More threads by Professor M

Professor M

Jun 16, 2020
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Android Police's article

An interesting snippet from the article
"You also might have noticed that calls from some businesses (ones with a Google My Business listing) display the company name and category in the caller ID. Going forward, Google is going to be relying more on users to help categorize incoming calls, and we're now starting to see the first signs of that."

Is this going to help?
Will be there more Google edits on phone numbers? For example, if a business has more than one phone number (individual employees' phone extensions/mobile phones), could this create confusion for Google?
or another door for spammers to "add" trust to profile?
Yes! Great find. As you point out, @Professor M, this user-sourced data from phone calls is prone to confusion and spam. BUT it is arguably not as susceptible as GBPs themselves, their content or their reviews ;-)

GBP has a spam problem. (I know, I know. Really Jon? Fascinating insight. Tell me more! LOL.)

I think we're seeing Google start to lean on phone calls and Google chat as vectors for less spammable insight into business performance. What do I mean?
  • You'd be hard-pressed to actually fabricate trust for GBPs at scale in the way suggested by this article. Who's going to spin up a hundred unique phone numbers or enlist friends and family to stage calls with a business just to game the Phone app? Some people, maybe. But not many.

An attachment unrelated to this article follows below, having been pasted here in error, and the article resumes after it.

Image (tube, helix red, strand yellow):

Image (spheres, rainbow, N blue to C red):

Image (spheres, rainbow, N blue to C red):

• Then there's Google call-tracking. Why now? The technology has been around for decades. The only explanation that fits Google's MO is that call-tracking data is valuable to Google precisely because it can't be spammed (easily). By pushing call-tracking now, Google knows whether a participating business is answering calls, how long they last, perhaps even the content of the call. In a GBP ecosystem that's become noisy with spam, voice calls provide valuable signal for Google to evaluate the legitimacy and performance of the actual business behind the profile.
  • It's evident to me that this same motivation is driving Google's chat product, which I help businesses adopt and perform well on. Chats give Google an exclusive window into business performance and outcomes, which they measure with their Googly metrics--MRR, HMRR, CSAT, etc.--and use to penalize (suspend) those who do poorly and presumably reward those who do well.
I, for one, expect to see these "private," less spammable communication channels become a significant source of signal for Google to rank business listings in the future. As we know all too well, Google has not adequately fought spam on GBPs. Still, the Big G is too smart not to see how unreliable their traditional sources have become.

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